For not playing them for so long it could have been really bad.
Yeah, it could have been worse. I mean, its not something that am gonna put out or anything, but hearing it back, its really pretty cool. We did kind of hard ones. We did like "Bivouac" and "Parabola," "Condition Oakland." We didnât take easy songs.
Well, I would say you have easier songs. I wouldnât say thereâs definitely easier bands to learn soâ¦
When I mentioned this to a friend he said, "You gotta ask if theyâre going to put that out." So Iâm assuming youâre just going to be holding on to those for the meantime.
Yeah, I mean itâs not a great recording. I sent it to Blake, I sent to Chris just to have as a memento. Itâs like a so-so photograph of that session. But the recording quality isnât that great and weâre certainly not totally on point. But, you know, not bad for many years have gone by.
Whatâs cool about it, was that, it wasnât like totally pre-mediated. The idea was going into the studio is talk to Billy Anderson about his work that he did with us and to maybe show individually how some parts are put together. It's like a "how to" things, show how it comes together and maybe, maybe in the back of my mind if itâd be fun to play but I certainly it wasnât totally banking on it . So when it did happen, it was cool, very refreshing
So before I wrap up, I wanna ask one question thatâs kind of not Unfun related but probably still job related. You have acquired the rights to Dear You, Is that correct?
Uh, sort of.
I donât own it outright. I licensed it.
Ah, so technically, [Geffen] still own the over-all rights to it?
Right. They own it. Like if you buy that thing on iTunes, theyâre getting their money. If you buy the records or CD, thatâs me.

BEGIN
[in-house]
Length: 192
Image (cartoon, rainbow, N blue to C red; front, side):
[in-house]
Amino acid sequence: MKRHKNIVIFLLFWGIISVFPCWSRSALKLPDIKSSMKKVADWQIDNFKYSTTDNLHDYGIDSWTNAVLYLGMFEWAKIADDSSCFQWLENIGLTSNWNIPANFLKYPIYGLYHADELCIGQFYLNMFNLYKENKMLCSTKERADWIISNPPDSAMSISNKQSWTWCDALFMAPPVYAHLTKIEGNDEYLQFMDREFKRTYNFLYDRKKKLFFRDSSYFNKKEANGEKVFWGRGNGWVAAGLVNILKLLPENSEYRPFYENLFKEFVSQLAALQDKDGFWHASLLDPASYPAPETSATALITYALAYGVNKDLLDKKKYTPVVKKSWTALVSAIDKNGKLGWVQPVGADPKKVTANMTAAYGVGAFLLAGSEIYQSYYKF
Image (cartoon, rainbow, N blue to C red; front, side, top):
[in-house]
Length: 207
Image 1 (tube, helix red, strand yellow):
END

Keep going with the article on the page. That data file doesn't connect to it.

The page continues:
Ah, ok. Was that hard to do? Because I know thereâs a lot of bands, specifically in the 90sâ, where basically theyâd sign deals with majors and then they put out an album or whatever, lost contract or broke up and then lose their songs. Is it possible to get the rights to it?
Yeah, yeah, totally. You know, itâs really hard. You just have to have a really good lawyer and you have to have a lot of money, because theyâre gonna want money from you if you want to buy your record back. Even if you want your license to your record back, theyâre gonna want an advance on the money youâre gonna make in the future on that record.
Assuming that there is money.
Theyâre not in any kind of business of giving stuff away, thatâs what they told me right out and they were very clear about that. I still try every year to get that record back. Like totally get it back. But, it hasnât happened yet. I know that Kim (Coletta) got the Jawbox record back from Atlantic.
Presumably, Iâm not entirely positive about this, but I am almostâ¦Iâm pretty sure they got them back totally. They just bought them right back and put them out themselves. Like they own those records again, which is great. But, those people get paid at those labels to keep their property in check, even if theyâre not using them. That was the shame of it, was that let that, they let Dear You just fucking languish in obscurity, for eight years without even bothering to press the thing. Just because it hadnât done well right out at the gate. Then I came along and basically, gave them the money they wanted for the license and I put it back out and then, boom all these people bought it again. There are actually, all these new people bought it.